The Boxer's Story: Fighting for My Life in the Nazi Camps

Image of The Boxer's Story: Fighting for My Life in the Nazi Camps
Release Date: 
November 10, 2013
The Robson Press
Reviewed by: 

“. . . this memoir is an evocative and rewarding reading experience.”

This is the memoir of Nathan Shapow about a young championship boxer from Latvia who survives several Nazi labor and death camps during WWII, including Stuthoff and Auschwitz Birkenau. Born in Poland and raised in Riga, Latvia, Mr. Shapow’s survival is a mixture of courage, skill, luck, and physical conditioning.

Like most Jews in Nazi-occupied Europe, Shapow is captured and sent to concentration camps. As his boxing prowess and fame becomes known, he is literally forced to fight for his life against Nazi Army boxing champions. Shapow’s competitive nature and his shrewd boxing and street-fighting skills serve him well as he struggles to survive in despicable conditions. 

Shapow’s youth vanishes in Nazi camps as his body is subjected to the ravages of starvation, forced labor, and sickness. At the same time, his mind is brutalized by Nazi guards who hound him unmercifully.

But Shapow’s will to survive will not surrender. He becomes a canny thief, stealing morsels of food whenever an opportunity arrives. Knowing that to be caught will mean a swift death, Shapow nevertheless continues to steal food, more precious in a Nazi concentration camp than gold. He shares what he pilfers with other prisoners.

After the war, Shapow illegally enters Palestine in search of his father, who also manages to survive the Shoah. Nathan joins Jewish paramilitary freedom fighters. Once more, his courage and fighting prowess are skills appropriate to the job. When Israel is declared a nation by the UN in 1948, Shapow leads soldiers into action defending Israel from repeated attacks by surrounding nations. During this time, Shapow is married and has children.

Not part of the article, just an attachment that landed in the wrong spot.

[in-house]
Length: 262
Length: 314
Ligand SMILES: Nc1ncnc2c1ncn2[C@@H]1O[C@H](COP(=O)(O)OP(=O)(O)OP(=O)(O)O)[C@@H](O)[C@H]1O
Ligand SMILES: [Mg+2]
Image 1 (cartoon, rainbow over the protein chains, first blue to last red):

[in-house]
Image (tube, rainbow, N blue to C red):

As is the case with many memoirs, fleeting segments leave some situations and characters bereft of detail. For example, we know that Shapow lived in very close proximity with hundreds of other prisoners of the Third Reich. Yet we discover almost nothing about them.

Similarly, we understand that conditions in the camps are horrid. But only cursory detail about the conditions is proffered. To the publisher’s credit, pictures of Shapow and his family before the war and after the war in his fight for the nascent State of Israel help illuminate a great deal. One could only ask for more in terms of maps and diagrams of the camps, his native Latvia, and Israel. Regardless, this memoir is an evocative and rewarding reading experience.